The blue-chip FTSE 100 fell 6 percent, wiping £84 billion off the value of its constituents, in early trading after the World Health Organisation upgraded the coronavirus to a worldwide pandemic. London’s stock market fell past 2016 Brexit referendum lows as US President Donald Trump’s shock decision to introduce a ban on European travellers sent shares in already hard-pressed British Airways and other airlines down by almost another 10 percent.
If it falls another 1.5 percent, the index will reach lows not seen since the height of the European debt crisis in 2012.
Within moments of the FTSE 100 opening, it sank more than 300 points, to levels not seen for eight years, with £469 billion wiped since February 21 – a fall of 25 percent.
It means the index is technically in a “bear market” where the value of shares has fallen by more than 20 percent.
By 9am, all 350 companies listed on the wider FTSE 350 were in negative territory, with shares in Cineworld slumping 32 percent, Travelex owner Finablr down 50 percent, train operator Go-Ahead down 20 percent and a whole host of oil, travel and retail businesses suffering.
The FTSE 100 has plunged amid the coronavirus pandemic
And at 12.30pm a chart from investment company Hargreaves Lansdown showed every company in the top 100 except one was down. But the only company not down, NMC, was only managing to stay at 0.0%.
Biggest losses came from Carnival plc, which operates nine cruise line brands including P&O. It owns Princess Cruises which is behind the Diamond Princess and Grand Princess ships which were stranded off Japan and California due to an outbreak of coronavirus.
Although the UK was spared from the travel restrictions introduced by President Trump, fears were widespread over its impact on the travel sector.
Shares of British Airways, EasyJet and WIZZ Air, which have already had to axe flights to and from Italy, fell between 7 and 9 percent.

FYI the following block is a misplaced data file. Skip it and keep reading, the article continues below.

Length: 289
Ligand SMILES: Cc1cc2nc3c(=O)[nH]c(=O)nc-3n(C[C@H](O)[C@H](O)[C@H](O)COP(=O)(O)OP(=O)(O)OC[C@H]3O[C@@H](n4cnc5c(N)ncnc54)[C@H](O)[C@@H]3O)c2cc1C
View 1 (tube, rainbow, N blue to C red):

Oil majors BP Plc and Royal Dutch Shell Plc slipped between 4 and 5 percent, as oil prices took another blow from the dramatic moves by Mr Trump.
The best-performing company on the FTSE 100 was Morrisons, down only 2 percent.
The falls follow similar moves around the world, with the Dow Jones in New York sinking into “bear” territory as investors reacted nervously to Mr Trump’s travel ban.
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The World Health Organisation declared the deadly outbreak a pandemic and investors fear that a lack of a co-ordinated policy response will increase the damage to the global economy.
That sparked an end to the longest bull run in US stock market history, sinking the Dow Jones Industrial Average index tipped into bear market territory.
London’s domestically focussed FTSE 250 was also down 6.1 percent.
European stock index futures also plunged to their lowest since mid-2016 as investors worried about the economic shock from dramatic travel restrictions imposed by Mr Trump.
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Euro Stoxx 50 futures were down 6.1 percent at 7am, after earlier plummeting as much as 8.3 percent. Meanwhile German DAX futures tumbled 6.0 percent.
Tracking a global selloff, Hong Kong stocks also plunged to close at a near three-year low as worries deepened over the economic impact of the coronavirus.
The Hang Seng index fell 3.7 percent, to 24,309.07, its lowest close since April 2017, while the China Enterprises Index lost 3.4 percent to 9,725.72.
Jasper Lawler, head of research at LCG, said: “The travel ban is a decisive step to prevent the spread in the US but will cripple trade between the two continents.
“Goods will still flow but presumably at reduced pace and trade in services will almost grind to a halt.”
But others were less impressed, pointing out how the mixed messages will continue to send concern.
Neil Wilson, chief market analyst, at Markets.com said: “So much for Trump’s stimulus.
“Instead of his late-night presidential address calming things, it only fanned the flames raging in markets. The president has gone from calling it a Democrat hoax to banning all travel from Europe in just 12 days.”